The bottom line: Ag Water Quality Certified farms earn higher profitability

Numbers don’t lie. They also tell a story.

Farmers enrolled in the Minnesota Agricultural Water Quality Certification Program (MAWQCP) have higher profits than non-certified farms, according to five years of data from the Minnesota State Agricultural Centers of Excellence.

The “Influence of Intensified Environmental Practices on Farm Profitability” study examines financial and crop and livestock production information from farmers enrolled in the Minnesota State Farm Business Management education program. The 126 MAWQCP farms in the study saw more gross cash farm income and net farm income in 2023 vs. non-certified farms. Looking at five-year average data, the average net cash income for MAWQCP farms was over $213,600 compared to nearly $163,000 for non-MAWQCP farms. Other key financial metrics are also better for those enrolled in the MAWQCP, such as debt-to-asset ratios and operating expense ratios.

The five years of data serve as an indicator of a positive return on investment for whole-farm conservation management that farmers implement to become certified.

“We now have continuous data that shows the Minnesota Ag Water Quality Certification Program provides better economic outcomes on top of the benefits to our water and soil resources,” said Agriculture Commissioner Thom Petersen. “With so many advantages to the MAWQCP, I encourage all farmers and landowners to look into certifying their land and contact their local Soil and Water Conservation District for more information.”

MSR&PC Director Paul Freeman, who also served as president of MSGA, was an early champion of the MAWQCP.

“The MAWQCP producers participating in Farm Business Management can enhance farm profitability by benchmarking various aspects of their farm operations,” said Keith Olander, Executive Director of AgCentric, and Agricultural Partnerships. “This study shows that these producers operate with a higher level of efficiency compared to their peers.”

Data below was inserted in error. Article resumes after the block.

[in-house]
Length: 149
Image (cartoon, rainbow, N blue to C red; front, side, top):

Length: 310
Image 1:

Click here to find details on the economic study.

The Minnesota Soybean Growers Association (MSGA) has been a staunch supporter of the MAWQCP from its inception. Numerous farmer leaders from both MSGA and the Minnesota Soybean Research & Promotion Council have enrolled in the program, helping to spread the word of the program’s benefits. During international visits, Minnesota Soybean leaders tout the MAWQCP as a sign of Minnesota’s sustainable farming practices. The MAWQCP is also a longtime supporter of MN Ag Expo and Soybean Business, and was profiled in the November-December 2023 cover story of MSGA’s official magazine.

“I’ve been recommending it to other farmers because so many have been doing the same practices that we’ve been doing,” said MSGA Director Mike Skaug, a Beltrami farmer who enrolled in MAWQCP in 2018. “It’s easy for any farmer to get certified.”

The MAWQCP puts farmers in touch with local conservation district experts to identify and mitigate any risks their farm poses to water quality on a field-by-field basis. Producers going through the certification process have priority access to financial assistance. After being certified, each farm is deemed in compliance with new water quality laws and regulations for 10 years.

Since the program’s statewide launch in 2016, the 1,500 Minnesota Agricultural Water Quality certified farms have added more than 2,915 new conservation practices that protect Minnesota’s waters. Those new practices have kept over 48,250 tons of sediment out of Minnesota rivers while saving 144,125 tons of soil and nearly 60,375 pounds of phosphorous on farms each year. The conservation practices have also reduced nitrogen loss up to 49% and cut greenhouse gas emissions by over 58,250 tons per year.

Farmers and landowners interested in becoming water quality certified can contact their local Soil and Water Conservation District or visit MyLandMyLegacy.com.

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